Legislation Addresses Blue-Green Algae by State Rep. Doug Cox, M.D.
We are all familiar with the blue-green algae outbreak experienced at many Oklahoma lakes last year. I learned that there was a hodge-podge of state agencies dealing with the issue, with no coordinated interaction between them. The result was a response that had a devastating response on lake tourism.
Working with my legislative colleagues state Rep. Tommy Hardin and state Sen. Josh Brecheen from the Lake Texoma area, we established a state policy for response to outbreaks of blue-green algae blooms in recreational bodies of water.
As a physician, I was particularly interested in protecting public health as well as Oklahoma’s rural economies that are dependent on tourism at our lakes and rivers.
The policy was developed after meeting and getting input from the Oklahoma Department of Environmental Quality, the Corps of Engineers, the Grand River Dam Authority, the Oklahoma Health Department, the Oklahoma Department of Tourism, several OU Health Science Center toxin experts and the U.S. Department of Wildlife.
GRDA CEO Dan Sullivan and Dr. Darrell Townsend, a GRDA biologist, and their laboratory at the Eco Center in Langley were very helpful. We found GRDA far ahead of the other state agencies in dealing appropriately with the issue.
Let’s look at some facts about blue-green algae and what the legislation does:
Blue-Green Algae Basics:
- · Algae are vitally important to marine and fresh-water ecosystems, and most species of algae are not harmful.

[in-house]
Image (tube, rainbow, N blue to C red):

- · Algae blooms occur in natural waters when certain types of microscopic algae grow quickly, often in response to changes in levels of chemicals such as nitrogen and phosphorus from fertilizer.
- · Scientists do not yet understand fully how Harmful Algae Blooms (HABs) affect human health. To date, there has not been a single human death in the United States that has been attributed to blue-green algae.
- · Within a few days, a blue-green algae bloom can cause clear water to become cloudy. The blooms usually float to the surface and can be many inches thick, especially near the shoreline. However, the toxins they produce are invisible.
- · Infants and pets will be more sensitive to toxin ingestion.
- · Some cyanobacterial algae blooms can look like foam, scum or mats on the surface of fresh water lakes and ponds. The blooms can be blue, bright green, brown, or red and may look like paint floating on the water. As algae in a cyanobacterial bloom die, the water may smell bad.
- · When identifying the number of Oklahoma lakes that are susceptible to blue-green algae growth because of high levels of nitrogen and phosphorus, it would be easier to list the few lakes that aren’t.
What the legislation does:
- · Requires the Oklahoma Department of Tourism to develop and maintain a website that allows the public to check water quality and to make written information available on location.
- · Requires lake managers to place signs at major access points that refer lake users to the blue-green algae website.
- · Directs the Oklahoma Department of Health to educate healthcare providers on the effects and symptoms of exposure to toxic blue-green algae.
- · Utilizes the World Health Organization guidelines for moderate probability of adverse health effects.
- · Sets the threshold for issuing an advisory at 100,000 cells per milliliter for cell count and 20 micrograms per liter for microcystin toxin levels.
- · Permits privately-funded water testing if the research is scientifically verifiable.
The legislation works to combine education and information with personal responsibility. We all have learned that drowning is a risk of swimming without a life jacket and that drinking and driving a boat don’t mix. The latest advice is to check for Blue-Green Algae warnings.
Not only should you not eat yellow snow, you shouldn’t swim in green water!